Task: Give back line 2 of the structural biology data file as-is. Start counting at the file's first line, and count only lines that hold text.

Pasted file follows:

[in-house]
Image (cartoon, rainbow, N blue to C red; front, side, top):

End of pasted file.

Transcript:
Image (cartoon, rainbow, N blue to C red; front, side, top):